CTI Well-Represented at Yale National Initiative’s Annual Conference

More than 70 public school teachers and university professors from across the country participated in the Yale National Initiative’s (YNI) 10th Annual Conference at Yale University, Oct. 31 – Nov 1, 2014.  A total of 16 different school districts and  five universities and colleges from nine states were represented.  Charlotte’s five National Fellows included Gloria Brinkman, visual art, North Mecklenburg High School; Phil Carver, science, James Martin Middle School; Torrieann Dooley, 2nd grade, David Cox Road Elementary School; Alexandra Edwards, social studies, Bailey Middle School; and Teresa Strohl, visual art, Barringer Academic Center. Torrieann Dooley also serves as a member of the YNI’s National Steering Committee.

Also representing Charlotte Teachers Institute were: CTI’s National University Advisory Council Representative Shelley Rigger, political science professor, Davidson College; Michele Mason, executive director of leadership development, Charlotte-Mecklenburg Schools; and Scott Gartlan, CTI director.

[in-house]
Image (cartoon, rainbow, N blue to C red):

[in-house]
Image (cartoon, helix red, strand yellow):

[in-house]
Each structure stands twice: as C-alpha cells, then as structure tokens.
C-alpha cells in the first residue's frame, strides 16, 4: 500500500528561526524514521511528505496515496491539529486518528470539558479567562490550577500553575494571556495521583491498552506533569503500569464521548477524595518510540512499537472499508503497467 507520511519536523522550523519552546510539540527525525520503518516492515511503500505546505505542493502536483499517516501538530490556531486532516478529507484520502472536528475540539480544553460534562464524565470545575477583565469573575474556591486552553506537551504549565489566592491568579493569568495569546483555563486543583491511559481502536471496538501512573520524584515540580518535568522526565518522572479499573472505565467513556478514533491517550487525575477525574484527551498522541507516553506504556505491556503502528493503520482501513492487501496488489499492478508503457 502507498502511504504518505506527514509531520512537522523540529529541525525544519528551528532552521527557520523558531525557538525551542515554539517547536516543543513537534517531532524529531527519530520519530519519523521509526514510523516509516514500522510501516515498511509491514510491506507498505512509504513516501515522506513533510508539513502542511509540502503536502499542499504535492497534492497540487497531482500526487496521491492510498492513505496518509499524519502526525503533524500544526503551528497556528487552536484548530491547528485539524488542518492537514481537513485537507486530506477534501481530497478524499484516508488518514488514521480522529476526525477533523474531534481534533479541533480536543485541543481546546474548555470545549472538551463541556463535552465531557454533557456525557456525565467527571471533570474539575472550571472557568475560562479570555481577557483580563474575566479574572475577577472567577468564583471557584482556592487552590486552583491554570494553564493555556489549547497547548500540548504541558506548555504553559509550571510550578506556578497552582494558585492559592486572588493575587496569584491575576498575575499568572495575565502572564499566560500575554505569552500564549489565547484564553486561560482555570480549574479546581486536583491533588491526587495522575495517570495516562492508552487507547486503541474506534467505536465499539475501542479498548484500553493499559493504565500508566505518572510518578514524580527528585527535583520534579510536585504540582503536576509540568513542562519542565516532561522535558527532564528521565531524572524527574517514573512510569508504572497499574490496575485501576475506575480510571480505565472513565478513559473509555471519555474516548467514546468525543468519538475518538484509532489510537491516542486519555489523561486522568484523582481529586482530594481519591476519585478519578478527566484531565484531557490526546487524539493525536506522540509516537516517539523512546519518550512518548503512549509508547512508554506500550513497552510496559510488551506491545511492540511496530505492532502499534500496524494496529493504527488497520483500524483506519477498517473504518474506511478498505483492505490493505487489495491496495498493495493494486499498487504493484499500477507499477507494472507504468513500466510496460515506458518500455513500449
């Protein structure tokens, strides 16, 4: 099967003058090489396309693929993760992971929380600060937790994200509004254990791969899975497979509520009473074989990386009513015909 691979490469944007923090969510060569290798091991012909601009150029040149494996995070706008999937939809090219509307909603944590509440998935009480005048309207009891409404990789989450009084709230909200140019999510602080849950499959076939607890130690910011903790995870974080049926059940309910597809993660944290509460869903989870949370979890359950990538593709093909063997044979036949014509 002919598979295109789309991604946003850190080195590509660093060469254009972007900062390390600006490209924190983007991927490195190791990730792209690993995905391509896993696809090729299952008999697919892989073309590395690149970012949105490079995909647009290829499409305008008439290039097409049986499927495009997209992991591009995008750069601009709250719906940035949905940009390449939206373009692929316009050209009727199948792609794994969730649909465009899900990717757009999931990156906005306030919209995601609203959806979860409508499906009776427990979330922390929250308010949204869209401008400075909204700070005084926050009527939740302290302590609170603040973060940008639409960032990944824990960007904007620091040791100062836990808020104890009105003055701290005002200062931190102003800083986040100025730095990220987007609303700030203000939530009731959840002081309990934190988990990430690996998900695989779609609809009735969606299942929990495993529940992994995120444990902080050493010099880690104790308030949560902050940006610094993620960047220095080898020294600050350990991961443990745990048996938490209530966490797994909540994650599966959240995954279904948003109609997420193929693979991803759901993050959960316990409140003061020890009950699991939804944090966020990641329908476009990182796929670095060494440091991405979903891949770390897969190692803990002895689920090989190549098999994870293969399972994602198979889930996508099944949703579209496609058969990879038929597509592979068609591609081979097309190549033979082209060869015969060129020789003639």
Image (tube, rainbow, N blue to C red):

The conference was packed with exciting activities – a panel discussion from the National Fellows describing their experiences teaching their curricula to their students, a poster session of National Fellows sharing examples of student work, and a preview of the 2015 Yale National Seminars led by Yale University professors. After Friday morning breakout sessions, Shelley Rigger led a conversation on wide-ranging topics of great importance to the Institute from retaining high quality teachers and developing teacher leaders in the classroom to integrating technology and teaching STEM in K-12 schools. On Saturday, Michele Mason and the other school district officials, including Barbara Byrd-Bennett, CEO of Chicago Public Schools, participated in a school caucus led by Merv Daugherty, superintendent of the Red Clay School District (Delaware). They discussed the value of the Teachers Institute Approach and how best to support this work in local school districts and communities.